Barnet Pavao-Zuckerman

Barnet Pavao-Zuckerman's picture
Associate Professor and Associate Director of Anthropology, Associate Curator of Zooarchaeology (ASM)

Telephone: 

520.626.3989

Fax: 

520.621.2976

Office: 

Arizona State Museum North, Room 215

My research addresses Native American and European experiences in the early colonial period, particularly from the seventeenth to the early nineteenth centuries. I am interested in the consequences of European colonization of North America, specifically the introduction of Eurasian livestock into indigenous subsistence systems, the effect of livestock on North American landscapes, and the integration of indigenous labor into expanding European market economies. The technical approach that I take to this research is zooarchaeology, the study of non-human animal remains from archaeological contexts.

Degree(s): 

Ph.D., Anthropology, University of Georgia, 2001

B.A., Anthropology, Binghamton University (SUNY), 1996

Research Interests: 

Zooarchaeology and Taphonomy

Historical Archaeology

Culture Contact and Colonization

Conservation Applications of Archaeological Data

Selected Publications: 

Pavao-Zuckerman, Barnet (2011) Rendering Economies: Native American Labor and Secondary Animal Products in the Eighteenth-Century Pimería Alta.  American Antiquity 76(1):3-23.  

Pavao-Zuckerman, Rick Karl, and John F. Chamblee (2011) FaunAZ: Arizona’s Archaeofaunal Index.  SAA Archaeological Record 11(1):33-36.

Pavao-Zuckerman, Barnet (2010) Animal Husbandry at Pimería Alta Missions: El Ganado en el Sudoeste de Norteamérica.  In Anthropological Approaches to Zooarchaeology: Colonialism, Complexity and Animal Transformations, edited by Doug Campana, Pam Crabtree, Susan deFrance, Justin Lev-Tov, and Alice Choyke, pp. 150-158.  Oxbow Books, Oxford.

Reitz, Elizabeth J., Barnet Pavao-Zuckerman, Daniel C. Weinand, and Gwyneth A.Duncan (2010) Mission and Pueblo of Santa Catalina de Guale, St. Catherines Island, Georgia: A Comparative Zooarchaeological Analysis.  Anthropological Papers of the American Museum of Natural History, No. 91, New York, NY. 

Pavao-Zuckerman, Barnet (2008) Introduction and Practice of Animal Husbandry at Pimería Alta Missions.  Journal of the West 47(3):32-39.

Pavao-Zuckerman, Barnet (2007) Deerskins and Domesticates: Creek Subsistence and Economic Strategies in the Historic Period.  American Antiquity 72(1):5-33. 

Pavao-Zuckerman, Barnet and Vincent LaMotta  (2007) Missionization and Economic Change in the Pimería Alta: The Zooarchaeology of Mission San Agustín del Tucson.  International Journal of Historical Archaeology 11(3):241-268.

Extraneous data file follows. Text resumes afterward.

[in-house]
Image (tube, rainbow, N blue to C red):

Pavao-Zuckerman, Barnet and Elizabeth J. Reitz (2006) Introduction and Adoption of Eurasian Livestock in North America.  In Handbook of North American Indians, Vol. 3: Environment, Origins, and Population, edited by Douglas Ubelaker, pp. 485-491.  Smithsonian Institution Press, Washington, D.C.

Cameron, Judi L., Jenny A. Waters, Barnet Pavao-Zuckerman, Vincent M. LaMotta, and Peter D. Schulz (2006) Faunal Remains. In Rio Nuevo Archaeology, 2000-2003: Investigations at the San Agustín Mission and Mission Gardens, Tucson Presidio, Tucson Pressed Brick Company, and Clearwater Site, edited by J. Homer Thiel and Jonathan B. Mabry, pp. 13.1-13.51.  Desert Archaeology, Inc., Technical Report No. 2004-11, Tucson, AZ.

Pavao-Zuckerman, Barnet (2006) Missions, Livestock, and Economic Change.  SMRC Revista 40(149):10-15.

Pavao-Zuckerman, Barnet (2001) A Dog Burial Excavated at the Armorel Site, Arkansas (3MS23).  The Arkansas Archeologist 40:8-10.

Pavao-Zuckerman, Barnet (2000) Vertebrate Subsistence in the Mississippian-Historic Period Transition.  Southeastern Archaeology 19(2):135-144.

Pavao, Barnet and Peter W. Stahl (1999) Structural Density Assays of Leporid Skeletal Elements with Implications for Taphonomic, Actualistic and Archaeological Research.  Journal of Archaeological Science 26(1):53-66.

Chamblee, John F., Thomas Neumann, and Barnet Pavao (1998) Archival Salvage of the Plant Hammond Site.  Early Georgia 26(2):1-116.

Courses Taught: 

ANTH 638: Culture Contact and Colonialism

ANTH 472/572: Zooarchaeology and Taphonomy: Laboratory Methods

TRAD 104: Origins of Human Diversity

Areas of Study: 

Southeastern US

Southwestern US